We’re destructuring the object that’s returned from our useForm custom React Hook so we can use values, handleChange, and handleSubmit.

Now,  all that’s left for us to do is use these inside of our form HTML element.

Add an onSubmit attribute to the form HTML element, and call handleSubmit:

Form.js
... <form onSubmit={handleSubmit}> ...

Now find the email input and add an onChange and value attribute to it:

Form.js
<input className="input" type="email" name="email" onChange={handleChange} value={values.email} required />

Do the same for the password input element:

Form.js
<input className="input" type="password" name="password" onChange={handleChange} value={values.password} required />

We’re not done yet!

The last thing we need to do is add a login function to the Form component and pass this into the useForm custom Hook as the callback parameter.

Form.js
... const { values, handleChange, handleSubmit } = useForm(login); function login() { console.log(values); } ...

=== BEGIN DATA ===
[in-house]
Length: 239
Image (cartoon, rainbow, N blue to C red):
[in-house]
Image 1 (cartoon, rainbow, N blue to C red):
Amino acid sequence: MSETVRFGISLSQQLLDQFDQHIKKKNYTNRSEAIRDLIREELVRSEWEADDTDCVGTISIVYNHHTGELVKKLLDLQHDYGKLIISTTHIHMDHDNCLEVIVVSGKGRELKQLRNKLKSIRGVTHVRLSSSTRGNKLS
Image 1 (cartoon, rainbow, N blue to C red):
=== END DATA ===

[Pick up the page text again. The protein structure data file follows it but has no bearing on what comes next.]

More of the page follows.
Your final Form.js component that uses React Hooks for forms event handling should look like this:

Form.js
import React from 'react'; import useForm from "./useForm"; const Form = () => { const { values, handleChange, handleSubmit } = useForm(login); function login() { console.log(values); } return ( <div className="section is-fullheight"> <div className="container"> <div className="column is-4 is-offset-4"> <div className="box"> <form onSubmit={handleSubmit}> <div className="field"> <label className="label">Email Address</label> <div className="control"> <input className="input" type="email" name="email" onChange={handleChange} value={values.email} required /> </div> </div> <div className="field"> <label className="label">Password</label> <div className="control"> <input className="input" type="password" name="password" onChange={handleChange} value={values.password} required /> </div> </div> <button type="submit" className="button is-block is-info is-fullwidth">Login</button> </form> </div> </div> </div> </div> ); }; export default Form;

Save everything, open the app running in your browser and give your new form a spin!

Wrapping Up

Sure, it doesn’t look like much on the front-end, but when you think about how much code you’ve saved yourself by using a custom React Hook for your forms management, it’s staggering!